My colleague at work told me I had a “really honest moment” the other day. It occurred at the lunch table.
We were discussing Neil DeGrasse Tyson’s upcoming Cosmos program, the 13-part remake of and homage to Carl Sagan’s series of the same name. I expressed that I wasn’t sure how I felt about the whole Cosmos thing; why can’t we all just be in awe at the universe but not make such a big deal of it on television? I worried that it would feel hackneyed, forced, too cinematic—as though stars and galaxies were something to be staged and not taken for what they truly are. I didn’t want to see things that I found beautiful robbed of the grandeur that is their barest form. Please don’t draw attention to the way I think about this world, I privately asked of Tyson. Please don’t be emotional in the same way I am. Please don’t reveal me too much.
I said something to this effect at the lunch table. “Here’s what I think it is,” I said. “I’m uncomfortable with Neil DeGrasse Tyson’s intensity because I recognize it as my own.” By extension, I thought in my head: “And I am not capable of being as gregarious and forthcoming about the universe as he is.” I even flinch internally as I type the words “the universe.” Who am I to be so unabashedly poetic? I haven’t made a name for myself like he has. If I were to just walk up to a friend and exclaim delight over some magnificent aspect of life, or speak to near-strangers about the things I like in the same way that Tyson does… wouldn’t that be a disruption of some societal order? We typically see authority figures as the ones soldiering on, leading people to knowledge and truth—not young women in their 20s fresh out of liberal arts college. The field of astrophysics champions Tyson as its hero, and so must I.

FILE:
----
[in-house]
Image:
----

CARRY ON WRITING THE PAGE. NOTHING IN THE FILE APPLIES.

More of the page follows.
But then he opens his mouth. And the words, the sentences, everything spilling forth from him is familiar to me. He knows the facts better than I do, but is there any reason to believe that he knows the rhyme or reason better, too? Is there any reason to believe that I, too, don’t already know everything he’s saying? When science presents new knowledge to me, I feel it rising from my gut, not from outside of me. I feel it echoing something I already know—something that has already been there and is now mine for the taking. The same goes for Tyson’s words. I grow indignant as he rollicks on, without a care in the world to my seething. “Why do you condescend?” I ask. “My vocabulary may not be top notch, but still, in this language I am fluent!”
I think this is part of Tyson’s genius. We are all afraid of people who show us for who we truly are. But when they arrive, you are automatically granted a kind of sacred permission. A permission that says: “Listen. We are all just a bunch of neurons and cells, firing in different connections and producing different patterns. Because there are so many of us, there’s bound to be some overlap. Embrace it. Take what you see in me and give me your own version, your own life. I am not ‘special’ or ‘talented’ for my ability to be real with you. You can do it, too.”
I didn’t like when Tyson expressed himself in a certain way because the sentiment reminded me too much of myself. In a very real way, Tyson—and basically everyone who has ever explained an idea or a feeling or a concept to someone—isn’t just a teacher. He’s an enabler. He allows people to see their own enthusiasm as warranted, valid, and deserving of attention. And through the power of similarity, he shows people that “saying it like you really mean it” doesn’t require a Ph. D.
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